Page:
Extreme Volatility In U.S. Natural Gas Market Is Here To Stay

Authored by Tsvetana Paraskova via Oilprice.com,

U.S. natural gas prices continue their rollercoaster ride at the height of the heating season, after extreme volatility gripped the market in the fall amid more-than-a-decade low natural gas inventories ahead of the winter.

Analysts believe that volatility in the natural gas market will continue to be high through the winter, as inventories below the five-year average and seasonal storage draws make natural gas prices highly vulnerable to changes in the short-term weather models and forecasts.

The front-month natural gas futures contract for delivery at the Henry Hub surged by 14 percent at the start of this week, from $2.945 per million British thermal unit (MMBtu) on Friday to $3.289 per MMBtu on Monday.

After a relative lull and lower prices over the previous five-six weeks, due to milder winter weather, prices shot up early this week on weather forecasts for a cold snap across the United States. As of January 16, the National Weather Service expected below-average temperatures over the next six to ten days for most of the United States, with very high probability of below-average temperatures in the Midwest.

The Monday move was the sharpest price increase since the surge in the middle of November last year, when natural gas prices jumped to $4.80 per MMBtu. Storage at a 15-year low, an unusually cold fall, production freeze-offs, and high exports from Corpus Christi combined to create a perfect storm that sent U.S. natural gas prices to their highest level since the polar vortex of 2014.

Natural gas storage levels have been below the five-year average since late 2017, but in the summer of 2018, they also slipped to below the 5-year maximum-minimum range, EIA data shows.

According to Bluegold Research, the natural gas market has dug itself into a hole during the past injection season—April to September—when it “allowed huge storage deficits to run unchecked during the summer,” allowing the coal-to-gas switching to be at exceptionally high levels in the summer of 2018. The coal-to-gas switching during the whole 2018 injection season rose by 35 percent compared to the five-year average, which left natural gas stocks uncomfortably low at the start of the winter season and primed prices for volatile trading during the winter.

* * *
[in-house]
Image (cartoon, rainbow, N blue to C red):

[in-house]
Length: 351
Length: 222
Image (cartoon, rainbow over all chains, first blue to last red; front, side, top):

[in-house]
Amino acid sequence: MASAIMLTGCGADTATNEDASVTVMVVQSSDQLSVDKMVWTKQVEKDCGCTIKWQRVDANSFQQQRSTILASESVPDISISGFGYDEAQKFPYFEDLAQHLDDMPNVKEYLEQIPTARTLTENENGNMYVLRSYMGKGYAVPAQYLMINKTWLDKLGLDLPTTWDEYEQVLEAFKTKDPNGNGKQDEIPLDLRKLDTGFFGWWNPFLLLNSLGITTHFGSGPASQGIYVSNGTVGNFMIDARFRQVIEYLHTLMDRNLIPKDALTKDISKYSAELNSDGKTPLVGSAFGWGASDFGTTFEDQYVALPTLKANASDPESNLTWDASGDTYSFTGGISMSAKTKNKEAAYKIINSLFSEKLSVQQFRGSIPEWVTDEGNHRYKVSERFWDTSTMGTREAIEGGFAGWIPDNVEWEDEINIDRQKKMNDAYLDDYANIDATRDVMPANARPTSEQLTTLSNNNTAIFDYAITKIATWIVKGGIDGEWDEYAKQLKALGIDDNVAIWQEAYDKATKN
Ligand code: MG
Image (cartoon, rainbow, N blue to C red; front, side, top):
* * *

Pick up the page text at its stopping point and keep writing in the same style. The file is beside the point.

So instead of gradual increases during the winter season, natural gas prices now react with extremes to every bullish change in weather forecasts, Bluegold Research reckons.

“[B]ullish changes in the weather models are resulting in an extremely exaggerated bullish change in natural gas prices. Prompt-month contract price reaches unjustifiably high levels and can then correct violently even if weather turns only slightly bearish. In other words, prompt month contracts (February contract and, to a lesser degree, March contract) are very speculative and very risky to trade right now,” the analysts said.

Front-month contracts are expected to remain extremely volatile, according to Bluegold Research.

Looking ahead, analysts are not ruling out a return to $4 per MMBtu, if the currently predicted cold snap in the U.S. persists for more than two weeks.

“You would need to really sustain this cold through at least a third or half of February in order to get $4, even though we’ve made great progress in the five-year storage deficit over the last month,” Jacob Meisel, chief weather analyst at Bespoke Weather Services, told CNBC. “I still wouldn’t rule out $4 if the cold lasts long enough.” 

Barclays currently expects Henry Hub prices to average $3.51 per mmBtu in Q1 and $2.92 per mmBtu for the whole of 2019.

According to the EIA estimates in the January Short-Term Energy Outlook (STEO), Henry Hub spot prices averaged $3.15 per MMBtu in 2018, up 16 cents/MMBtu from the average for 2017. EIA expects Henry Hub spot prices to average $2.89/MMBtu this year and $2.92/MMBtu next year.

“Forecast prices are lower than 2018 levels as expected production growth keeps pace with demand and export growth and inventories build faster than the five-year average,” the EIA said in the STEO earlier this week.